A grounded theory of osteopathic clinical decision-making and therapeutic approaches - Implications for osteopathic education

Osteopaths have relied upon the philosophical and theoretical foundations upon which the profession was built to guide clinical practice. However, there is limited research-based knowledge of how osteopaths make decisions in relation to clinical practice.
The presentation offers an explanatory theory of the clinical decision-making and therapeutic approaches of osteopaths in the UK, using a grounded theory framework, employing semi-structured interviews, observation and video-recording of patient appointments.
Data analysis resulted in the construction of three qualitatively different therapeutic approaches which characterised participants and their clinical practice, termed; Treater, Communicator and Educator. Participants’ therapeutic approach influenced their clinical decision-making, the level of patient involvement, their interaction with patients, and therapeutic goals. Participants’ overall conception of practice lay on a continuum ranging from technical rationality to professional artistry, and contributed to their therapeutic approach. A range of factors were identified which influenced participants’ conception of practice.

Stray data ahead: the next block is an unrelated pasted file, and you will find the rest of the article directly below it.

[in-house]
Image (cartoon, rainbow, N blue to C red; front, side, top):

The increasing emphasis on shared-decision making challenges the traditional practitioner-centred approaches of osteopathy which focus on practitioners’ hands-on skills combined with their knowledge and decision-making.
Undergraduate osteopathic curricula need to be developed to reflect this shift in healthcare focus. Approaches to decision making which are shared and patient-led, need to be explicit and incorporated into osteopathic undergraduate education, so that students can develop their own decision-making capabilities which are patient-centred. Failure to meet patient demands and expectations may result in a lack of ability to compete in the current landscape and culture of modern healthcare which promotes higher levels of patient involvement in the decision-making process.

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Dr Oliver Thomson PhD, MSc, BSc (Hons), DO is a practicing osteopath and member of the BSO research department, where he leads the research units for the pre-registration osteopathy courses. He has lectured and tutored osteopathic students in the UK and throughout Scandinavia. Oliver completed his PhD which used constructivist grounded theory to explore the clinical decision-making of experienced osteopaths. He has authored several research papers on clinical decision-making/reasoning, qualitative research and grounded theory.

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